The attack on Mrs Cox is believed to have been "an isolated, but targeted" one, the force said, adding that they believe the person responsible was acting alone.
Police said the detained man has been cleared by medical staff to be held in detention and interviewed by detectives.
The force said part of its investigation will be to establish how he was able to carry an unlawfully-held firearm.
An eyewitness to the killing said he heard the attacker shout "put Britain first".
It has emerged a Thomas Mair has been named in a newsletter produced by a right-wing organisation which has called for a return to apartheid-style government in South Africa and been linked to the Neo-Nazi organisation National Alliance (NA) dating back to 1999.
Mair's brother Scott said he had a "history of mental illness, but he has had help" and both he and neighbours said he did not really speak about politics.
Explaining what happened outside Mrs Cox's surgery on Thursday, police said the MP had just arrived at the library where she had a planned constituency meeting when she was attacked.
They said a 77-year-old man who "bravely intervened" to help, remains in a stable condition in hospital after being injured in the stomach.
The National Police Chiefs' Council said police forces are contacting MPs around the country to give security advice following the death.
Defiant MPs have said they will go ahead with constituency surgeries in the wake of the horrific murder.
- Read more: Jo Cox: Suspect linked to hard-right group that has campaigned against the EU
- Read more: Man who attacked tragic MP Jo Cox 'bought book on how to make handmade gun from white supremacist group'
In a visit earlier on Friday to the West Yorkshire town where Mrs Cox was killed, David Cameron issued a plea for tolerance in British political life as he joined Jeremy Corbyn to pay tribute.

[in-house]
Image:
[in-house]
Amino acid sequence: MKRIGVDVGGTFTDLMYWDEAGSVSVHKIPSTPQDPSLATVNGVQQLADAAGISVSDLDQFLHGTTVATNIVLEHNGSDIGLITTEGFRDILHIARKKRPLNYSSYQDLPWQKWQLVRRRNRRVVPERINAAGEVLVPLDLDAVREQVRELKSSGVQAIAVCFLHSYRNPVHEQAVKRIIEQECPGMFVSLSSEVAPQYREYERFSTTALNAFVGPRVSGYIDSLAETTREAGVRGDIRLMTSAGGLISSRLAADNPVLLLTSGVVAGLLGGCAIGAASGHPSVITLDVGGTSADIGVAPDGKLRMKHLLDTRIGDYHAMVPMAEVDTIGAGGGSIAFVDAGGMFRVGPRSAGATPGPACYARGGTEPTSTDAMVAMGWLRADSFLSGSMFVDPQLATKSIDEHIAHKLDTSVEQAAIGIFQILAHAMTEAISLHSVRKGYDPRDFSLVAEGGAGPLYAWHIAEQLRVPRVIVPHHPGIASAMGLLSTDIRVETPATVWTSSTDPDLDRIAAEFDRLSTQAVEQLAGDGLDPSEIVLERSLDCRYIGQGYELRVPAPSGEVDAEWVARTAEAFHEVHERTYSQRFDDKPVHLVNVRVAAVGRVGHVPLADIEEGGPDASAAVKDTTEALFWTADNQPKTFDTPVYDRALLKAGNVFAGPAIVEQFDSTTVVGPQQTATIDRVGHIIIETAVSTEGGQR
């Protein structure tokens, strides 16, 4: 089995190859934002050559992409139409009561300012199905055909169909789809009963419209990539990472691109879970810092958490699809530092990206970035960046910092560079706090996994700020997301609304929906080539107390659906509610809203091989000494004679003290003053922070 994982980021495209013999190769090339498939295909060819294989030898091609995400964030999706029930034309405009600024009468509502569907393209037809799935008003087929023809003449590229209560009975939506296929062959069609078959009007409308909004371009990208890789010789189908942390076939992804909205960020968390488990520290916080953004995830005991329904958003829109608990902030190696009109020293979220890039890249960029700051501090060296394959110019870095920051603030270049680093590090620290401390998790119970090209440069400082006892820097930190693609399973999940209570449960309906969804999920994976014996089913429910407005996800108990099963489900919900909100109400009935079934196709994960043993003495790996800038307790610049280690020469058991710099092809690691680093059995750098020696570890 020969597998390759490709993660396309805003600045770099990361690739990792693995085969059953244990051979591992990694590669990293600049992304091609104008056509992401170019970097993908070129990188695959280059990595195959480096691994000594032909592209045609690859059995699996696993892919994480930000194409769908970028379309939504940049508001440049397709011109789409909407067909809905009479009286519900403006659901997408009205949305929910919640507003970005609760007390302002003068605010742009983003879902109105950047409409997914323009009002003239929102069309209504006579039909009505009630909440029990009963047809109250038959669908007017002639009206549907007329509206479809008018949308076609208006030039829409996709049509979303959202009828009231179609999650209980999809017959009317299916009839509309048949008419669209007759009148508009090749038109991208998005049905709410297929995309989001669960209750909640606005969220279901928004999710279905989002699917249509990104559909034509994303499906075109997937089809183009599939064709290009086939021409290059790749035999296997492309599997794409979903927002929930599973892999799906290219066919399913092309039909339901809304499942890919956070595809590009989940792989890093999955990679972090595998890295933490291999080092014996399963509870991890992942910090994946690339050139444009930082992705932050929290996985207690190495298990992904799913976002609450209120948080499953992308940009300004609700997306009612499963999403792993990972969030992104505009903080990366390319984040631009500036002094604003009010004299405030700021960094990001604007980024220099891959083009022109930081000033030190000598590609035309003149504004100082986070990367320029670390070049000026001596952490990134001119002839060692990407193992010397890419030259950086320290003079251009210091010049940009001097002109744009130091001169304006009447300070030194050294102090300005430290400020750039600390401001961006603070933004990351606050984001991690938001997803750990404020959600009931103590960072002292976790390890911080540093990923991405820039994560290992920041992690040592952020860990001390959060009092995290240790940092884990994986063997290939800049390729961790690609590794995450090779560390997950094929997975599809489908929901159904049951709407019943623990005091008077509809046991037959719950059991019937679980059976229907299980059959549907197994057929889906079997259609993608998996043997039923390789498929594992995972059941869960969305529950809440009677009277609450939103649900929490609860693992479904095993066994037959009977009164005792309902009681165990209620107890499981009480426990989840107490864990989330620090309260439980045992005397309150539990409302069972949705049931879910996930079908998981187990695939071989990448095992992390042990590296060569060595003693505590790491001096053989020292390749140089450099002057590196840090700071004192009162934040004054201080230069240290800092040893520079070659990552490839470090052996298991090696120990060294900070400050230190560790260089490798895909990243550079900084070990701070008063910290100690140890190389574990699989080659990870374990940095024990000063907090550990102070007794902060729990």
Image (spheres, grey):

The sombre-faced Prime Minister, Labour leader and Commons Speaker John Bercow bowed their heads as they laid bouquets at the foot of Birstall's Joseph Priestley memorial, adding to the impromptu shrine of flowers and messages which has grown up over the past day.
Across the market square from where they stood, police tape still cordoned off the spot where the former aid worker was killed in what Mr Corbyn described as "an attack on democracy".
The Prime Minister said the whole nation was "rightly shocked" at Mrs Cox's death, and called for people to "value, and see as precious, the democracy we have on these islands". Politics was about public service and MPs wanted to "make the world a better place", he said.
Mr Cameron added: "Where we see hatred, where we find division, where we see intolerance, we must drive it out of our politics and out of our public life and out of our communities.
"If we truly want to honour Jo, then what we should do is recognise that her values - service, community, tolerance - the values she lived by and worked by, those are the values that we need to redouble in our national life in the months and years to come."
Both the Remain and Vote Leave sides have suspended national campaigning in light of the death of Mrs Cox, who entered Parliament as MP for Batley and Spen in last year's general election.
Conservatives and Liberal Democrats have announced that they will not contest the by-election resulting from her death, giving Labour a probable free run at retaining the Westminster seat which she won with a majority of 6,057 last year.
In an apparent reference to the referendum campaign, German chancellor Angela Merkel urged British politicians to "draw limits" around the language used in political debate, warning that otherwise "radicalisation will become unstoppable".
Speaking alongside the Prime Minister in Birstall, Mr Corbyn described Mrs Cox as "an exceptional, wonderful, very talented woman, taken from us in her early 40s when she had so much to give and so much of her life ahead of her".
He paid tribute to the "truly wonderful" statement made by Mrs Cox's husband Brendan, which he said was a message that "in her memory we should try to conquer hatred with love and with respect".
Media from across the world had gathered in Birstall market square to witness the rival party leaders stand shoulder to shoulder in memory of Mrs Cox.
A group including Dewsbury MP Paula Sherriff, Manchester Withington MP Jeff Smith and Manchester Central MP Lucy Powell wiped tears from their cheeks and shared an embrace as they laid flowers near the scene of the murder.